[Python-ideas] Keep free list of popular iterator objects

M.-A. Lemburg mal at egenix.com
Sun Sep 15 15:50:12 CEST 2013

On 15.09.2013 14:09, Antoine Pitrou wrote:
> On Sun, 15 Sep 2013 13:52:39 +0200
> "M.-A. Lemburg" <mal at egenix.com> wrote:
>>> A best-case 15% improvement on a
>>> trivial microbenchmark probably means a 0% improvement on real-world
>>> workloads. Furthermore, using specialized freelists will increase
>>> memory fragmentation and prevent the main allocator from returning
>>> memory to the system.
>> Keeping e.g. a hundred such objects in a free list shouldn't
>> really affect the memory load of the Python interpreter.
> Well, it can. The object allocator uses 256KB arenas, so if each of
> the hundred objects in the free list keeps a different arena alive, we
> are talking about a 25 MB fragmentation overhead.
> Yes, that's a worse case (and irrealistic for common workloads)
> overhead, but the 15% improvement is a best case (and very irrealistic
> for common workloads) performance gain :-)

The trick here is to preallocate the pool of those 100 iterator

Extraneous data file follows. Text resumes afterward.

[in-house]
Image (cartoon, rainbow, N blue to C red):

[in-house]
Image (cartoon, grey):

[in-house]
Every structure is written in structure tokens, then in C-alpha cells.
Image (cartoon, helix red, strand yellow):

objects, so you only use one such arena - hopefully the ones
that's also used for the other free lists :-)

>> A 15% improvement isn't a lot, but such small improvements
>> add up if they are consistent and the net result is an overall
>> performance improvement.
> I've grown skeptical that such small improvements actually "add up" to
> something significant. Performance differences between CPython versions
> can generally be attributed to one or two important changes (hopefully
> improvements :-)) such as e.g. PEP 393, the method lookup cache, or
> new-style classes.

For Python 1.5 I had done a whole serious of such smaller
improvements. The net effect was a speedup of between 20-30%,
so I wouldn't be too skeptical :-)

What's important about such small enhancements is that they
provide consistent speedups and have a sane ratio between
complexity/maintenance overhead and performance improvement.

> Anyway, if there's a non-trivial benchmark that can measure the
> real-world potential of this optimization, it would help the
> discussion :-)

Marc-Andre Lemburg

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